Bought a dead man’s suit in Denver / Then I wore it onstage,” sings Altameda’s Troy Snaterse, his voice drifting out over a bed of slowly shifting piano and synth chords. “Got me thinking about impermanence / How everything dies with age.”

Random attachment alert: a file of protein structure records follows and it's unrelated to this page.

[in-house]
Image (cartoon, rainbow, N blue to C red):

Like much of Altameda’s stunning new album, Born Losers, the line is at once simple and profound, a visceral snapshot of a moment in time that speaks to something far deeper about the human condition. Recorded with acclaimed producer Thomas D’Arcy (Neko Case, The Sheepdogs) and mixed by studio wiz Tucker Martine (My Morning Jacket, Whitney, REM), Born Losers is a meditation on change, loss, and growth, but more than that, it’s a reckoning with mortality, a call to live while we’re still alive. The band recorded the album after moving from Edmonton to Toronto, and Snaterse wrote much of the lyrics during a tumultuous stretch in which he nearly lost his father to a stroke, only to lose his 18-year-old stepbrother just weeks later in a tragic accident. The resulting emotional upheaval permeates the music in ways both painful and transcendent, with raw, candid performances often arriving wrapped inside gorgeous, gently atmospheric arrangements. Where past Altameda records showcased the sound of a rock and roll band cutting loose live in the studio, Born Losers is an exercise in craftsmanship and restraint, one that relies on subtlety over brute force as it learns to let go and fully embrace the present.